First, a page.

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Plan organization and lifecycle governance for Microsoft 365 groups and Microsoft Teams
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MikePlumleyMSFT
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Lean about lifecycle governance options for collaboration tools in Microsoft 365

Plan organization and lifecycle governance for Microsoft 365 groups and Microsoft Teams

Microsoft 365 groups has a rich set of tools to implement the governance capabilities your organization requires.

The following section describes the capabilities, recommends best practices, and provides guidance to ask the right questions to determine the requirements for governance, and how to meet them.

Control who can create Microsoft 365 groups

Groups can be created by end-users from multiple end-points including Outlook, SharePoint, Teams, and other environments.

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We highly recommend self-service to empower group owners and help users get their work done more easily. Limiting group and team creation can slow users productivity because many Microsoft 365 services require that groups be created for the service to function.

Consider the following governance options for groups creation:

  • To limit group sprawl, use groups expiration policies to automatically delete groups that are not being used.
  • Limit group creation to members of a security groups with dynamic membership containing, for example, all full-time employees.
  • Limit group creation to a security group and require users to complete training in your organization's group usage policies in order to become members of the security group.

If you want to limit who can create groups, see Manage who can create Microsoft 365 groups for information on how to configure this.

Group delete, restore, and archiving

When a Microsoft 365 group is deleted, by default it's retained for 30 days. This 30-day period is called "soft-delete" because you can still restore the group. After 30 days, the group and associated content is permanently deleted and cannot be restored.

If you have retention policies in place to retain chat, files, or mail, those items will be preserved after the group is deleted. See Learn about retention policies for details.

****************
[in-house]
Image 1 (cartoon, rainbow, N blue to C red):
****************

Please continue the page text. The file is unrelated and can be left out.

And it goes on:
If you want to delete a group but preserve the content from one or more of the group-connected services, see Archive groups, teams, and Yammer for information.

Group naming policy

A groups naming policy can help you govern groups in two ways:

  • A prefix/suffix naming policy can be used to enforce fixed strings or Azure AD attributes at the beginning or end of a group name and its associated email address. By doing this, you can ensure the inclusion of, for example, department names or regions in group names.
  • A blocked words policy can ensure that certain words, such as the names of executives, are not used in group names.

Naming policies are applied when groups are created from any of the group-connected services.

If you decide to use naming policies for groups, see Microsoft 365 Groups naming policy.

Group expiration policy

You can specify an expiration period and any group that reaches the end of that period, and is not renewed, will be deleted. The expiration period begins when the group is created, or on the date it was last renewed.

Once you set groups to expire:

  • Owners of the group are notified to renew the group as the expiration nears.
  • Active groups are renewed automatically.
  • Any group that is not renewed is deleted.
  • Any group that is deleted can be restored within 30 days by the group owners or the admin.

Expiration policies are a good way to limit group sprawl by ensuring that groups that are no longer in use are deleted. If you want to create a group expiration policy, see Microsoft 365 Groups Expiration Policy.

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